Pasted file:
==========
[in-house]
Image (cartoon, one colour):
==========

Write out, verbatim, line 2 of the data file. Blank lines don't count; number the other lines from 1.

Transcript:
Image (cartoon, one colour):